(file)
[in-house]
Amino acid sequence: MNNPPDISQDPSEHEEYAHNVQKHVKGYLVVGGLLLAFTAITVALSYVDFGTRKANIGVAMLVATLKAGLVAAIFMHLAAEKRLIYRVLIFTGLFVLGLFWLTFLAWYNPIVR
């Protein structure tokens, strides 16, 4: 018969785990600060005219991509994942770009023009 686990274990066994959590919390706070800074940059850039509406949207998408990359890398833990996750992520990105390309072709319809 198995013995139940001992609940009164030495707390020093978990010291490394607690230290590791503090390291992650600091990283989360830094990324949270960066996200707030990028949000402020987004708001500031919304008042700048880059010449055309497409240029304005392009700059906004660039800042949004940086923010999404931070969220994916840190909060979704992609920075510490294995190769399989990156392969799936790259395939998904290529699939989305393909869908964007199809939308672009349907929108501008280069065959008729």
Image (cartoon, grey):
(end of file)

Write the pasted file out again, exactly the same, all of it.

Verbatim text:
[in-house]
Amino acid sequence: MNNPPDISQDPSEHEEYAHNVQKHVKGYLVVGGLLLAFTAITVALSYVDFGTRKANIGVAMLVATLKAGLVAAIFMHLAAEKRLIYRVLIFTGLFVLGLFWLTFLAWYNPIVR
């Protein structure tokens, strides 16, 4: 018969785990600060005219991509994942770009023009 686990274990066994959590919390706070800074940059850039509406949207998408990359890398833990996750992520990105390309072709319809 198995013995139940001992609940009164030495707390020093978990010291490394607690230290590791503090390291992650600091990283989360830094990324949270960066996200707030990028949000402020987004708001500031919304008042700048880059010449055309497409240029304005392009700059906004660039800042949004940086923010999404931070969220994916840190909060979704992609920075510490294995190769399989990156392969799936790259395939998904290529699939989305393909869908964007199809939308672009349907929108501008280069065959008729």
Image (cartoon, grey):